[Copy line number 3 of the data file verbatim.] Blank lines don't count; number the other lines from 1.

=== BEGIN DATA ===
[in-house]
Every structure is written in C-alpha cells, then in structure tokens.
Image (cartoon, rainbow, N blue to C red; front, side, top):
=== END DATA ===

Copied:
Image (cartoon, rainbow, N blue to C red; front, side, top):